Nothing screams more about your business than the way you answer the phone. It reveals more than when I walk into your salon and can engage my other senses – sight, smell, touch. On the phone, I have only my hearing to work with, so you need to work harder to impress me. Do you (and your team) know what to say on the phone … and why?
“Your phone smile is paramount to that welcome. A smiling voice shows that you’re engaged, interested and ready to help.”
I’m often disappointed hearing salon phones being answered. Why, oh why, would you let the caller feel like they are interrupting you? Take a deep breath, centre yourself, then answer the phone. Your voice will naturally sound calmer and more capable. Show genuine interest, some passion for what you do and compassion for the person on the other end of the line.
Think back to when you first opened your salon. Remember the excitement you felt when the phone rang? Try to connect back into that thrill, because you never know who or what opportunity is ringing.
When was the last time you actually called your salon or had a mystery shopper call? What do you think you’d find if you did?
Perhaps you’d find any Tom, Dick or Harriet answering the call, simply because it seems a better option than letting the phone ring. I believe only those who you’ve trained to answer the phone should have the privilege. It takes a lot of energy to generate an enquiry only to have it ruined by poor phone skills.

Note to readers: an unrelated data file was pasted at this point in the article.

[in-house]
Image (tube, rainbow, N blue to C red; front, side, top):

If they must answer, instruct them to take a message and a contact number so you can return the call later that day. Keep a notepad and pen beside the phone – preferably a notepad printed with fill-in spaces for name, number and time of call.
Even better, train your team how to answer the phone and insist they stick to the standards you prescribe.
You’ll need to create an easy-to-understand, non-negotiable list of “always and nevers” such as:
- Never call someone “love”.
- Never use the word “yep”.
- Always introduce yourself and ask for the caller’s first name. Write down their name and use it throughout the conversation. Build a relationship from the start.
Start this list today, and make it crystal clear, so there’s no confusion about your expectations.
“I believe only those who you’ve trained to answer the phone should have the privilege. It takes a lot of energy to generate an enquiry only to have it ruined by poor phone skills.”
Consider a veto on greeting callers with “good morning” or “good afternoon”. It’s way too easy to muck up. If you haven’t had your lunch yet, your stomach tells you it’s morning and you find yourself apologising for your error instead of focusing on the enquiry.
Sometimes, I hear people cross-examining the caller. Is it short? Is it long? Do you want to have this? Do you need that? Blah. Blah. Blah. Really, just get them in!
Your appointment book is a guide, it’s like the race guide for Melbourne Cup. It’s a starting point and any of those horses could win, lose or get scratched. To be in the running, they have to be in that book.